'Lessons learned' on traditional barn conversions in Yorkshire Dales as only 28% are for local occupancy and most were unaffordable

A lessons learned review of a controversial policy to allow some traditional barns in the Yorkshire Dales to be converted into housing has found “a general lack of consensus” persists over how, where and why it should be implemented.

A Yorkshire Dales National Park Authority meeting next Tuesday will hear since the introduction of a more flexible barn conversion policy in 2015, consent has been granted to transform some 198 of the traditional barns.

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An officers’ report to the meeting states securing the restoration of traditional farm buildings remained critical to retaining one of the national park’s special qualities.

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A traditional Dales barn in AskriggA traditional Dales barn in Askrigg
A traditional Dales barn in Askrigg

It highlights how the policy aimed to encourage adaptation and re-use of the more accessible traditional farm buildings, but only where the buildings and their locations have capacity to absorb them.

The policy has long been heralded by some community leaders as an affordable solution to enabling more young people to live in the Dales, as there are a large number of unused barns which do not come with the same amount of hurdles as building new homes in the park.

Nevertheless, the report has revealed of the 198 planning consents granted, only 28 per cent have had local occupancy or rural worker restrictions placed on them.

Some 56 per cent of the barn conversions, most of which have been concentrated in the Craven district area of the national park, and in particular in Wharfedale, have given the owners choice over whether they become a home for locals or a holiday let.

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Chair of Hawes and High Abbotside Parish Council Coun Jill McMullon said owners that claimed to be uncertain over the use of the barns were behind “a complete ruse to get planning permission”.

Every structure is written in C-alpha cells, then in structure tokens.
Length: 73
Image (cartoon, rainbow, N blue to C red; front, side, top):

She said the policy needed to be revised as the barns were a good solution to help local people to remain in the highly protected area, but the barns with consent for holiday lets had gone on the market for £300,000, which was far more than many local residents could afford.

Coun McMullon said: “The only way to keep the Dales alive in the future is to enable young people to afford to live here. They are being driven away constantly and it has to change.”

The report states indications from a consultation in September were that “there remains a general lack of consensus on the main issues surrounding locations, occupancy and design approach to conversions”.

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It adds reconciling the conflict between housing needs, supporting tourism and conserving the environment in the national park’s forthcoming Local Plan would “undoubtedly be challenging”.

The report states: “At the heart of these tensions is, perhaps, a lack of agreement about what the primary objective of the policy should be.

“Whilst there were some initial high profile disagreements about its implementation, the introduction of a new, more flexible policy in 2015 has undoubtedly led to more barns being brought back into use, and has generated investment that we know leads directly to local employment and economic benefits.”